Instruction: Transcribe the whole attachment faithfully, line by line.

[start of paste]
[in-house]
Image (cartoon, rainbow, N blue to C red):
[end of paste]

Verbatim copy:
[in-house]
Image (cartoon, rainbow, N blue to C red):